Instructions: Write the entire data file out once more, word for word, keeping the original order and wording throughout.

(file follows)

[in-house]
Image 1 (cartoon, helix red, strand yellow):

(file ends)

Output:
[in-house]
Image 1 (cartoon, helix red, strand yellow):